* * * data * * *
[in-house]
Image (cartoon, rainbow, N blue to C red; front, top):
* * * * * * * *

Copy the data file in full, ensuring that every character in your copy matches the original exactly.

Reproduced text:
[in-house]
Image (cartoon, rainbow, N blue to C red; front, top):